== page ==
A brain tumor is a mass or enlargement of irregular cells in our brain. There are various types of brain tumors that exist. Some brain tumors are cancerous (malignant) while some are non-cancerous (benign). Brain tumors begin to develop in our brain (which are called primary brain tumors), or cancer can begin to develop in other parts of our body and can spread up to the brain (secondary, or metastatic, brain tumors).
How rapidly a brain tumor grows can vary greatly. The growth rate, as well as the location of a brain tumor, decides how it will affect the function of our nervous system.
Brain tumor treatment options depend on the type of brain tumor you have, as well as its size and location.
Many different types of primary brain tumors exist. Each gets its name from the type of cells involved. Examples include:
Gliomas. These tumors begin in the brain or spinal cord and include astrocytomas, ependymomas, glioblastomas, oligoastrocytomas and oligodendrogliomas.
Meningiomas. A meningioma is a tumor that arises from the membranes that surround your brain and spinal cord (meninges). Most meningiomas are noncancerous.
Acoustic neuromas (schwannomas). These are benign tumors that develop on the nerves that control balance and hearing leading from your inner ear to your brain.
Pituitary adenomas. These are mostly benign tumors that develop in the pituitary gland at the base of the brain. These tumors can affect the pituitary hormones with effects throughout the body.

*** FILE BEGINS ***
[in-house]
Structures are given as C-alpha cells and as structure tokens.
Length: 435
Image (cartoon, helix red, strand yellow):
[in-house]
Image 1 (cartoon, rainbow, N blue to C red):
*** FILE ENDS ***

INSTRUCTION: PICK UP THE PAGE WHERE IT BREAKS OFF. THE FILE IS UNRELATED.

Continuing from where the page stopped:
Medulloblastomas. These are the most common cancerous brain tumors in children. A medulloblastoma starts in the lower back part of the brain and tends to spread through the spinal fluid. These tumors are less common in adults, but they do occur.
Germ cell tumors. Germ cell tumors may develop during childhood where the testicles or ovaries will form. But sometimes germ cell tumors affect other parts of the body, such as the brain.
Craniopharyngiomas. These rare, noncancerous tumors start near the brain’s pituitary gland, which secretes hormones that control many body functions. As the craniopharyngioma slowly grows, it can affect the pituitary gland and other structures near the brain.
Secondary (metastatic) brain tumors are tumors that result from cancer that starts elsewhere in your body and then spreads (metastasizes) to your brain.
Secondary brain tumors most often occur in people who have a history of cancer. But in rare cases, a metastatic brain tumor may be the first sign of cancer that began elsewhere in your body.
In adults, secondary brain tumors are far more common than are primary brain tumors.
Any cancer can spread to the brain, but common types include:
In most people with primary brain tumors, the cause of the tumor is not clear. But doctors have identified some factors that may increase your risk of a brain tumor.
The signs and symptoms of a brain tumor vary greatly and depend on the brain tumor’s size, location and rate of growth.
General signs and symptoms caused by brain tumors may include: